Tribal Justice Film Screening and Panel Discussion

12 Jan 2019 35:41 0
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Anne Makepeace — writer, producer, and director of the award winning documentary 'Tribal Justice,' led a panel discussion about the film at the University of Minnesota's Elmer L. Andersen Library on November 5, 2018. The documentary is about tribal judges who create compassionate and effective justice systems from their traditions and model restorative justice in action. Panelists were Minnesota State Supremem Court Justice Anne McKeig (of Ojibwe descent) and Judge Laurie Vilas (White Earth Nation).

About the film
Tribal Justice is a documentary feature about a little known, underreported but effective criminal justice reform movement in America: the efforts of tribal courts to create alternative systems of justice. There are more than 300 tribal courts across the country.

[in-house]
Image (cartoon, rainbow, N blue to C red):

In California, two formidable women lead the way. Abby Abinanti, Chief Judge of the Yurok Tribe on the north coast, and Claudette White, Chief Judge of the Quechan Tribe in the southern desert, are creating innovative systems that focus on restoring rather than punishing offenders in order to keep tribal members out of prison, prevent children from being taken from their communities, and stop the school-to-prison pipeline that plagues their young people.

About the exhibit
The film screening of Tribal Justice is part of the event programming related to an exhibit of archival materials at Elmer L. Andersen Library:
"Such a Big Dream: Edward S. Curtis at 150," co-curated by Tim Johnson and by Christopher Cardozo, widely acknowledged as the world’s leading authority on Edward S. Curtis.

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